In her keynote speech, titled “Bad Girls of Arab World,” Nadia Yaqub analyzed what transgression of women in the Arab world represents. The analysis was made from an expanded perspective, considering Arab women’s points of view, Arab societies’ points of view, and Western societies’ points of view. Yaqub presented some art works which are created by young female artists. One of them was a photograph in which an artist explicitly presented her naked body. Through this form of transgression, she attempted to express her challenge to the social norm that requires women to cover up their bodies. One the other hand, sometimes a woman’s image was used as a symbol of resistance regardless of her will or choice. For instance, a woman who participated in a protest was involved in a violent action by soldiers, her image fighting against them was widely distributed, and women activists regarded her as a hero. The image also triggered a social discussion on gender and violence. In some Western societies, particularly those with an anti-Islam tendency, these women’s images all-together are interpreted and simplified as women’s resistance to the patriarchy in Arab society. The development of the digital media has enabled women to create new forms of expressions and to deliver their works across the world. This extensive dissemination has resulted in diverse interpretations and discussions.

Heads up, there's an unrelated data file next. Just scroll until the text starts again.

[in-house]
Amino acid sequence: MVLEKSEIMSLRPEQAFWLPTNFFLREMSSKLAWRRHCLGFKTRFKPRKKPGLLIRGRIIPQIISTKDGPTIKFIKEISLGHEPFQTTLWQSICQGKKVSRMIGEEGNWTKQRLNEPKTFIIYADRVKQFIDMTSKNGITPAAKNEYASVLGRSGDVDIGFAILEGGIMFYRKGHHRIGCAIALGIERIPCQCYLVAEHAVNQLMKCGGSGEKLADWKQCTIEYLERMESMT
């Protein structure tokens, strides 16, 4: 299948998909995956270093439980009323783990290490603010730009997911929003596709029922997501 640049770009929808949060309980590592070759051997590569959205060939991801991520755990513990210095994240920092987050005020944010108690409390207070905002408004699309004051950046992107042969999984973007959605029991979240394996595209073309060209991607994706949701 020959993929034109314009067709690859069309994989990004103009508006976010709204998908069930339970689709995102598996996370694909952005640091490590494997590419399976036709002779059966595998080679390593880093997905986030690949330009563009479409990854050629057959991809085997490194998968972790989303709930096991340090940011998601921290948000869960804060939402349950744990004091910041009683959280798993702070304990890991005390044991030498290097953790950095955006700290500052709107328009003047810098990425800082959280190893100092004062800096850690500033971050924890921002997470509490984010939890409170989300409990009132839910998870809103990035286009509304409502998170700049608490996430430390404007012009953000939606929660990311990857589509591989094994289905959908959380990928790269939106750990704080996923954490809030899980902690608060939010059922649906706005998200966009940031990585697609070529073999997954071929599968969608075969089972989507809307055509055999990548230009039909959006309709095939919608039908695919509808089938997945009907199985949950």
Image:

These interpretations and discussions are an indication that the yardstick of transgression is not fixed or clear. A social norm is created by society, but defining what is regarded as transgression can be influenced by the dynamic interaction between individuals or communities. For example, the agent that defines transgression in Arab societies is not always men; women also delimit their own actions. Studying western feminism may affect the agent’s perspective to define transgression. The reason for transgression is not always resistance or actions that challenge the gender norm, it can be an inevitable choice for survival. Restricting women’s actions, behaviors, and expressions is a violation of human rights that has always attracted international criticism. However, women in Arab societies do not necessarily see themselves or like to be seen as victims of the socio-cultural structure of their societies. The examination of various forms of transgressions sheds light on women’s continuous efforts to be creative as they challenge social norms in a society where respect for tradition and contemporary transformation co-exit.